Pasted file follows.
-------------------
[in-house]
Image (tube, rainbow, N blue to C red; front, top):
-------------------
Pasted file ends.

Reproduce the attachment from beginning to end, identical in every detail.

[in-house]
Image (tube, rainbow, N blue to C red; front, top):